5 Ways to Hug Your Anxiety Today

I recently went through the most intense bout of anxiety that I have experienced in years. It grabbed hold of my very being and altered my reality in such a way, that I could only see life through a lens of fear. I was not okay. And even though I knew what had triggered it, I couldn’t seem to make it stop or go away. It lasted for weeks and there were days where I found myself curled up in a ball in the middle of the day trying to simply slow my heart rate and even my breathing out. In the midst of this unwelcome visitor, there are a few things that I learned during this most recent encounter with anxiety. Acknowledge It One day when I was sitting at a stoplight, I spoke directly to my anxiety. Saying something along the lines of, “I see you. I hear you. I know you’re not okay right now. But take one day at a time, and just breathe. Things will even out and eventually, return back to normal.” It was surprisingly comforting to acknowledge and speak directly to the very feeling that was causing me such distress. Recognizing and naming how you feel, and then speaking to it with compassion was a technique I hadn’t tried in the past, but that I found particularly comforting. Share About Your Anxiety With Someone Sharing how you feel with someone (as long as it’s the right someone) can help immensely at getting you

A couple weeks ago, I had my first experience at the Wild Goose Festival in Hot Springs, NC. Let me tell you friends-it was hot, it was humid, and it was holy. Photo and all related rights belong to the author. I didn’t know what to expect and quite frankly, was a little nervous about what I would find. But these three days in the woods of the Appalachian Mountains were much more than I anticipated. Driving through the one stop sign town of Hot Springs, NC you would never know that there were 4,000 people packed into the woods just beyond the road. But we were there. And we were connecting and building meaningful relationships with one another on all topics related to spirituality, arts, and justice. There were many highlights for me: eating my first Veggie Thing (a delicious veggie-filled crepe-like “thing” with amazing tomato based chutney), enjoying lunch with Brian McLaren and talking about the future of the church, hearing a powerful talk from Jen Hatmaker on the importance of embracing pain, and connecting with friends new and old as we waded in the river, grabbed an ice-cold lemonade, or just sat beneath a tree catching up on life. But then there was Amy Grant, my friends. And for me, she defined the weekend. There was lots of buzz leading up to “the Goose” (as people like to call it). People repeatedly asked me, “Is Amy Grant affirming?” and I had to admit that I honestly didn’t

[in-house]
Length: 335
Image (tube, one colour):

Hey Friends! I hope you are enjoying your Pride month and finding ways to celebrate what makes you uniquely YOU! Two quick things I’m excited about and want to share with you: I AM CURRENTLY BOOKING SPEAKING EVENTS THROUGH DEC 2018. If you attend or pastor a church that is looking for guest speakers, or if you have an upcoming event, I am currently booking speaking engagements through the end of the year. (I may even book into spring of next year if you have a burning passion to do so!) I do encourage you to book as early as possible as my schedule is quickly filling up. So don’t wait! If you’re interested, reach out to me at: Beyond.AmberCantorna@gmail.com for more information. I’d love to chat with you about it! BOOK TWO OFFICIALLY HAS A NAME! For those of you are anxiously awaiting details about my second book, here it is! Unashamed: Coming Out as an LGBTQ Christian will release from Westminster John Knox Press in Spring 2019. It is the book you have all been asking for and will be a practical guide full of tools and tips for those of you wrestling to figure out how to come out of conservative faith families and navigate these unexpected waters. I’m so excited to share it with you and can’t wait to tell you more as we move forward. Stay tuned!As always, but especially during this month of Pride, I encourage you to love those around you, and love yourself.